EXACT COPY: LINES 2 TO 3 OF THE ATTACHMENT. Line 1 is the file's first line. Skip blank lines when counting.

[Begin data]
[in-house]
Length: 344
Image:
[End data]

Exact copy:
Length: 344
Image: